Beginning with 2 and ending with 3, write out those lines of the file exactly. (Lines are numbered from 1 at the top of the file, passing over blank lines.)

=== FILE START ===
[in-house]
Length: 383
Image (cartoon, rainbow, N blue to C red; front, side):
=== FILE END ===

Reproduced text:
Length: 383
Image (cartoon, rainbow, N blue to C red; front, side):